Hood - Cold House
Imagine, if you will, a half-lit netherworld of music that never was. A land of intriguing what-ifs and should've-beens where Kurt Cobain has just released a dreadful solo album and Orbital boast a discography unsullied by David Gray collaborations. And imagine that, in this sick parallel universe, it was one of the early-nineties shoegazing set - Mark Gardener of indie mumblies Ride, say - and not Thom Yorke that tripped over an Autechre album in the street and thought, "what a jolly idea!" Imagine that he further embarked on a Kid A-style hybrid of rock and progressive electronica, only couldn't find any electric guitars or plectrums and had sore fingers, so he had to use acoustics and fingerpick very, very gently.
Now stop imagining, because Hood have made the ensuing album. And before you start, I know exactly what you're thinking. Philistine. Alright, I openly admit that Cold House isn't any fun. You won't jump around your bedroom to it and it won't make you drive your car really fast down the A217 and pretend you're in Days of Thunder. But you'll listen to it again and again and again, just like you stick on Kid A and play The National Anthem once a week when no-one's looking.
You'll have to persevere, though, because it's melancholy, uncomfortable and damn hard work to begin with. Chris Adam's vocals wander over fractured, edgy beats sounding half-lost, as if a clutch of pop songs have woken up in a foreign country with no knowledge of the native tongue. On the opening track 'They Removed All Trace That Anything Had Ever Happened Here' cellos grind away mournfully in the background, while on 'Branches Bare' hired rappers why? and dose add surreal rhymes ("we spit in the pond to give the fish something to pray to." Of course you do.) to an already moody and disorientating soundscape.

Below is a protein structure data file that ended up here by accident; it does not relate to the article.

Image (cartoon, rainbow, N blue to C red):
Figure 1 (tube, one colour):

The songs remain distinctly human, though. Pained, down-to-earth and intimate, they seem to sit oddly with cold electronica on the first listening; but listen closer and you realise you've been making some pretty lazy assumptions, because the combination of the two is holding you to the emotional heart of the song in a way that only the absolute top end of traditional rock music can. Cold House makes you sit up and pay complete attention from beginning to end, simply because sounds and styles are being put together in ways you've never heard before.
Hood started out as indie miserablists and are now using cutting-edge production and beat sequencing; this is a mix of soul-searching and technical innovation made, stunningly, without compromising or diluting either element. As always there are reference points - the technically incompetent but oddly affecting vocals recall My Bloody Valentine, sparsely arranged songs like 'Lines Low To Frozen Ground' remind of The Blue Nile's semi-conscious minimalist pop, and 'You Show No Emotion At All' has unpaid debts to Depeche Mode's 'Enjoy The Silence' - but when your reference points are that distinctive you can safely sit back and allow yourself a superior grin.
Although the indie-rock-meets-Warp-records scenario is bound to invite Kid A comparisons, these are two very different pieces of work. Cold House is less claustrophobic and frustrated, more mournful, delicate and romantic; Radiohead's album evokes smog over cities, Hood's the snow that carpets their Yorkshire country town on the sleeve. It's the dirtiest trick there is, but they save their best for last; on 'You're Worth The Whole World' an insultingly beautiful guitar part underpins a layered vocal that's spoken and sung, chopped up and put back together, echoing, shuddering and looping in on itself until almost unrecognisable. Like the album as a whole it drags you in and confuses you, and only at the very end do you realise you've just heard one of the most unique, gorgeous and thoroughly modern pieces of music ever recorded. These are songs that reinforce their emotional punch by pulling you in stylistically, by forcing you to focus completely on what you're hearing. And when they finally let you go you're all the more haunted by them. Go buy.
(c) 2002 Nathan Midgley